Our world is in the midst of its sixth mass extinction. Only this time, humans are the cause. From the sea to the sky, from deserts and jungles to mountains and lakes, Earth supports 8.7 million kinds of life. Its biodiversity stretches our imagination – even as our quest for raw materials shrinks its natural resources. An astounding ninety percent of species haven’t even been named yet. If we don’t scale back our environmental destruction, many will never be.
But all is not lost. In Critical Kingdoms, we visit fragile ecosystems around the globe to share stories of hope as scientists, governments, and selfless volunteers work tirelessly to pull species back from the brink of extinction and preserve our planet for future generations. Through spectacular locations, captivating storytelling, insightful interviews and eye-popping revelations, Critical Kingdoms will inform, entertain and inspire.
Only recently, the coverage of huge forest fires sweeping through Australia shocked the world. Thousands of acres of wilderness and its inhabitants were consumed in a flash. But we’ve also seen locals come to the rescue, often risking their lives to save the animals, continuing an Australian tradition of caring for creatures. In this episode of Critical Kingdoms, we’ll follow Stuart Blanche, planting the first of millions of trees in a crucial habitat for koalas; and Dana and Sam Mitchell and their tireless efforts at Kangaroo Island Wildlife Park. And we’ll meet Skye Cameron, a conservationist safeguarding against future fires by combining ancient knowledge with modern technology.
Global climate change is one of the culprits behind these new, more intense blazes. Our use of fossil fuels also has a negative impact on the Great Barrier Reef, the largest living organism in the world. Overfishing, commercial mining and tourism hasn’t helped. But now, ingenious efforts are underway to restore the coral reef to its former glory. Professor Peter Harrison of the Southern Cross University is looking into coral reef repopulation, while others are working at attacking one of the reefs’ indigenous saboteurs, the Crown of Thorns starfish.
Above water, pilot Peter Gash and his family are restoring Lady Elliott Island using organic methods including composting and desalinating sea water with energy from solar panels. Working since 2005, they’ve made tremendous progress. The future’s looking even brighter.
Indonesia, an archipelago of thousands of islands, stretches 5,000 kilometres along the equator between Asia and Australia. Historically a vital source to the spice trade, today Indonesia is the largest economy in Southeast Asia. It’s also unparalleled in the richness of its biodiversity, especially its jungles. This has proved to be a double-edged sword. Rainforests on the island of Borneo are under extreme threat from deforestation, mainly from the palm oil industry. As palm oil farming endangers the habitats of the gibbon, Chanee Kalaweit fights for their survival. He has established a rescue centre for injured animals, and started broadcasting success stories, calls for help and pop music in a spectacular mix via his own Borneo-based radio station, Radio Kalaweit.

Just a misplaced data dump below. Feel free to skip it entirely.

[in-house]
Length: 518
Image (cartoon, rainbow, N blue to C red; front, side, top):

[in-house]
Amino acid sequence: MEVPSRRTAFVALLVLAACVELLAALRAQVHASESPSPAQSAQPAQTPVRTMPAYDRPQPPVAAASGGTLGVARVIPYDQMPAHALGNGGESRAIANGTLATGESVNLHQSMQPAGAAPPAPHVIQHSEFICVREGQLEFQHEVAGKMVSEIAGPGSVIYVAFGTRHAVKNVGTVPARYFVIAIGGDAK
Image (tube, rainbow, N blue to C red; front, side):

The Indonesian island of Sulawesi is home to another endangered species, the Black Crested Macaque. Having endured centuries of deforestation and hunting, the last few thousand macaques now live in the protected area of Tangkoko National Park. Even so, they’re still being poached for their meat, a longstanding local delicacy. But a new generation of native conservationists, like Reyni Palohonen, have started raising awareness of the macaques’ plight among the local people, getting them to rethink their dietary traditions.
Under the sea, Manta Rays were over-hunted for their gills to supply the black market in China. Dolphins have been captured as circus entertainment. Sarah Lewis of the Indonesian Manta Project and Femke den Haas, a Dutch activist, are both fighting for these animals’ return to the oceans.
Earth’s last great wilderness is under threat like never before. From illegal mining and logging causing desertification, a rampant trade in animal parts, and the incursion of human settlements into the wild, Africa stands on the brink of ecological catastrophe. However, remarkable efforts are underway to reverse our human impact. We look at the growing illegal wildlife market and the modern technologies used to disrupt poachers in Kenya. We’ll also meet local tribes that are bucking tradition and working to preserve endangered lions. Samuel Mutysia, director of the Ol Pejeta Conservancy in Kenya, and his colleague, William Njoroge, demonstrate FLIR, one of the newest methods to foil poachers. It’s a surveillance system promoted by the WWF that has caused massive disruption to poaching expeditions.
We’ll also follow the Cheetah’s dramatic race against extinction in Namibia and the Horn of Africa. In 1990, American scientist Laurie Marker established the Cheetah Conservation Fund. Where once only 7,000 cheetahs were left in the wild, 30 successful years later, their numbers are on the rise. But success brings a new challenge: the illegal wildlife trade of living cubs.
Finally, we venture into the heart of Africa where efforts are being made to save the Mountain Gorilla population in Virunga National Park. Dr Martha Robbins tells of her efforts to raise awareness amongst the local population; to distract poachers; and to move international communities to acknowledge the problems the gorillas are facing. All in all, it’s a story of hope and success: in 2018, the status of the mountain gorilla changed from Critically Endangered to Endangered. The fight continues.
A production of Terra Mater Factual Studios produced by KM Plus Media and Picasso Film